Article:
Should you start cloth diapering your baby? Your grandmother used cloth diapers, and she has no problem reminding you every time you see her that you should use them, too.
Your go-green, couponing coworker says cloth diapers are the only diapers worth using.
But there’s also your best friend telling you it’s really not worth it and your partner adamantly responding that he’ll never change a cloth diaper whenever you bring the idea up.
Should You Start Cloth Diapering?
So what do you do? Do you stick with disposables or start cloth diapering?
Are you trying to live a more eco-friendly lifestyle?
It costs money to make diapers, and in terms of disposable diapers, the costs to make them are more, especially environmental costs. It requires more raw materials to make and distribute disposable diapers than cloth diapers.
But the biggest cost doesn’t come from your wallet or the manufacturers, it falls on (or should we say into) the environment.
On average, a baby can use anywhere between 1,500 to 2,500 disposable diapers a year and up to 6,00 to 7,000 during his total time in diapers, while a child only needs 20-40 cloth diapers during that same timeframe.
When you add up all the babies in the U.S. using disposables, there are approximately 20 billion disposables dumped into landfills each year, according to the U.S. Environmental Protection Agency.
That’s a lot of waste—about 3.5 million tons to be exact—and it then takes all those diapers up to 500 years to decompose.
There is the argument that cloth diapers require more water and energy to clean so they’re not really better for the environment. This is kind of true.
But, it’s also true that the amount of water you use to launder cloth diapers typically only accounts for about 5% of your household’s total water use during a 2.5-year diapering period. You should also choose to wash your own diapers rather than use a diaper service if you want to minimize your water and carbon footprint.
Does your baby easily get rashes or have skin sensitivities?
All babies have sensitive skin—some just have even more sensitive skin. If your baby is prone to diaper rashes or certain skin sensitivities, cloth diapers made of natural fibers could help prevent her flare-ups.
While there are more natural disposable diaper choices available today, there are still chemicals used in many of the manufacturing processes of disposables that can irritate or harm your child.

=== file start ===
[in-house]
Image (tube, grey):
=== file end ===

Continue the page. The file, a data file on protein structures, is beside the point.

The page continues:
Do you want to save money?
This is kind of a “duh” question, but many parents who are debating using cloth diapers look at the price tag of a cloth diaper and can’t fathom how something that costs $10-30 per diaper could save you money.
But they really do. If you plan on diapering for 2.5 years, here’s an average cost breakdown between the different types of diapers:
- Generic disposable diapers: $1,500
- Premium brand or eco-friendly disposable diapers: $2,500
- Cloth diaper systems: $400-600
So while cloth diapers won’t save you money immediately, they will save you a significant amount of money over the time your child is in diapers. Cloth diapers also surprisingly have a great resale value.
Are you willing to put in a little extra work?
With disposables, when it’s time to change the diaper, you simply take it off and throw it in the trash. Cloth diapers require you to do a little more.
You have to remove any solid material before washing them. After washing, most companies recommend that you line dry your shells, and then you have to fold and/or put them away. For some parents, it’s not worth it. For others, they don’t mind washing cloth diapers.
Diaper services are becoming more popular, though, so if you (or your partner) don’t want to wash cloth diapers, they’ll do it for you!
So, are you ready?
If you answered yes to all or most of these questions, then you’re ready to start cloth diapering.
And if you want to start clothing diapering with confidence, you need the right products. GroVia cloth diapers are a great choice.
They offer a variety of cloth diaper styles and fun prints so it’s easy to find what works for your family’s lifestyle and budget.
And lastly, the best way to start clothing diapering is to start small. Start out with a few cloth diapers and maybe a couple of different styles to see if it’s something you’re really ready for.
Cloth diapering isn’t for everyone, which is OK! So start out small, and give yourself enough time to get into a routine until you decide if you’re ready and able to be a cloth diaper parent.